LONDON ― Every street, alley and grassy knoll here will be alive with a cacophony of ringing bells ― church bells, bike bells, doorbells and a ringing-bell app downloaded to smartphones. Or at least that’s the plan behind “All the Bells: Work No. 1197,” a massive interactive performance art project created by artist Martin Creed to mark the start of the London Olympic Games on July 27.
“All the Bells” is one of 12,000 cultural events unfurled across Britain to celebrate the Games. The Cultural Olympiad officially launched in 2008, but activity has reached a frenzy as towns across the land mount performances and artistic spectacles. The events include a life-sized inflatable moon-bounce version of Stonehenge created by artist Jeremy Deller that is popping up all around the country and Peace Camp, an exploration of love poetry by theater director Deborah Warner and actress Fiona Shaw designed to be experienced at remote beach locations.
The bulk of performances and exhibitions have landed in London, including a Pina Bausch retrospective, the World Shakespeare Festival, the premiere of ex-Blur singer Damon Albarn’s folk opera “Dr Dee” and major exhibitions of Damien Hirst, Yoko Ono, David Hockney and Lucian Freud. Always one of the great cultural cities of the world, London is like an overstuffed cabinet of wonders this summer, with more attractions than any one person could possibly attend ― even the director of the Cultural Olympiad, Ruth Mackenzie.
Described by the Guardian as “the cavalry,” Mackenzie was drafted into the job in 2010 with a mission of bringing focus to an unruly mass of events. “The good thing about coming in with two years to go is that expectations are quite low about what you can achieve,” Mackenzie said last month, drinking tea in a museum cafe high above Trafalgar Square. A former head of the Scottish Opera and the Manchester International Festival, she has cropped silvery hair and a surprisingly mischievous air for someone controlling a huge arts festival.
Mackenzie saw the Olympiad as a chance to stage some extraordinary performances in a moment of global belt-tightening. (She estimates the spending for the Cultural Olympiad and the London 2012 Festival at around 100 million pounds, or $136 million.)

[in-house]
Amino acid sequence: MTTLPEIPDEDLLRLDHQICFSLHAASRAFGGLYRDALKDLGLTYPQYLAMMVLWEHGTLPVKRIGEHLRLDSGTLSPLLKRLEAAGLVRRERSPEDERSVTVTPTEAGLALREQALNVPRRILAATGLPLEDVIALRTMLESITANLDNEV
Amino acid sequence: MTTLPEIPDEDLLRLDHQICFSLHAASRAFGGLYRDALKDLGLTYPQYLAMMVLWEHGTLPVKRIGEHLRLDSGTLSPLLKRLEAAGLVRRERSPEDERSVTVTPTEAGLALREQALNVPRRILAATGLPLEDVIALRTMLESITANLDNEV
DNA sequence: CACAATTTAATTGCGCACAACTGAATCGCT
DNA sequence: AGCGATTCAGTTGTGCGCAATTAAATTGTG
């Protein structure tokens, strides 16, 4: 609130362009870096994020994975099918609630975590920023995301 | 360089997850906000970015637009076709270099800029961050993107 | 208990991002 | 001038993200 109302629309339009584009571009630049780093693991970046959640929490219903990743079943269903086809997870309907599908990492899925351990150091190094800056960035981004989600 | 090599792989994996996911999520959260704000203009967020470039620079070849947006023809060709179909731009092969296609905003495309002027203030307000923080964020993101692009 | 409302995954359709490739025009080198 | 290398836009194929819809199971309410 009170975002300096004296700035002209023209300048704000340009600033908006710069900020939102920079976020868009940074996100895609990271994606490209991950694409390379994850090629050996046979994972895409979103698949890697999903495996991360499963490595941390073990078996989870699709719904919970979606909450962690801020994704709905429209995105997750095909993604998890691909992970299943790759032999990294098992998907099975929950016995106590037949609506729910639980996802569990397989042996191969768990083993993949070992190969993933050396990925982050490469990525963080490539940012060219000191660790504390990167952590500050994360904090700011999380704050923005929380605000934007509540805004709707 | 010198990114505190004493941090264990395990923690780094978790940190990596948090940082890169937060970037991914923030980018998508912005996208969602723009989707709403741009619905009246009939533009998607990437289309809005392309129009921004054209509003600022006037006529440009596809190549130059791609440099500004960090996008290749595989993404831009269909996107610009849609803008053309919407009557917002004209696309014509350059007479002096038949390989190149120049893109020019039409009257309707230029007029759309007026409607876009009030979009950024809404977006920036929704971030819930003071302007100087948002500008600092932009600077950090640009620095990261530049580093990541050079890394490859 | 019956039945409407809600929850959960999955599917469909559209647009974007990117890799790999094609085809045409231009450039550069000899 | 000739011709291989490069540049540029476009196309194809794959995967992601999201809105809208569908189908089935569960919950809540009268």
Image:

“What can you do creatively that is once in a lifetime? I think Gustavo Dudamel and Simon Bolivar turning up in Raploch is once in a lifetime,” she says, referring to a June concert in a small Scottish town in which Dudamel conducted a symphony made up of local children and the Simon Bolivar Youth Orchestra of Venezuela. Another favorite example is “One Extraordinary Day,” featuring Elizabeth Streb and her daredevil Brooklyn dance troupe scaling an undisclosed London landmark.
Arts festivals have been a component of the Olympics since the ancient Greeks, but there are surprisingly divergent views about how to stage these events and how integral they are to the experience. The Los Angeles Olympics Arts Festival in 1984, for example, had a catalyzing effect on the city, according to theater director Peter Sellars.
Beatriz Garcia, head of research at Liverpool’s Institute of Cultural Capital and author of “The Olympic Games and Cultural Policy,” said Olympics arts festivals “are the one aspect of the Games that offers greatest flexibility to include and represent diverse communities and their voices, as well as highlight the best art and cultural offerings available, which in turn may lead to long-term economic returns such as increased tourism.”
By Joy Press
(Los Angeles Times)
(MCT Information Services)